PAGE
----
The Pontifical University of the Holy Cross in Rome held a conference last month dedicated to Elizabeth Anscombe’s work Intention and essay “Modern Moral Philosophy”, a groundbreaking paper for the field of ethics. Anscombe (1919-2001), an Irish convert to Catholicism, was a fellow of philosophy at Cambridge and Oxford Universities, wife to philosopher Peter Geach, and mother of seven. She wrote a number of different papers and articles following ethical questions of her day, for example just war theory in WWII, the advent of birth control, and more.
The questions raised by Anscombe are still trying to be resolved in philosophy, in particular, the relevance of the word “ought” to the modern position on morality. She argues that the western concept of moral “ought” is based in the Judeo-Christian tradition of divine legislation. In other words, the concept of justice in western society is fundamentally linked to Christian morals. When modern secularism attempts to retain the idea of morality without the idea of God, the power of the word “ought” is merely psychological.
The idea of a moral “ought” is also linked to the concept of justice, and what we are owed. Without an objective moral framework, such as is found in natural law theory, justice becomes a subjective interpretation. An obvious consequence of this error is found in political lobbyists who make excessive demands of the concept of human rights.
Here is an excerpt from a paper I gave on human rights talk at the conference, “Fundamental human rights are being supplemented with entitlements, and sometimes the distinction between the two is lacking entirely. This moral equivalence fails to demonstrate what is unique and defining about human persons that man is an end in himself, and has the responsibility of making free moral choices ordered toward that end.”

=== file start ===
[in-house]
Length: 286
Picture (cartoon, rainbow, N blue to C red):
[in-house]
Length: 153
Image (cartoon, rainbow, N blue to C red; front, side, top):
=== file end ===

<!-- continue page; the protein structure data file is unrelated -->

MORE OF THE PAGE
It is wrong to make the means to an end, an end in itself. It is wrong to put material benefits, which provide for human flourishing, in the same category as human freedoms. For example, there is a difference in saying that “I have a right to freedom from oppression by my government” and saying “I have a right to be provided with a job by my government”. It is one thing for the government to guarantee it’s citizen’s liberty; it is another to guarantee their financial success.
The framework of the Christian moral tradition and natural law theory are able to qualify the concept of justice much better than a secular guilt trip. Something to think about the next time you hear someone demanding his or her rights.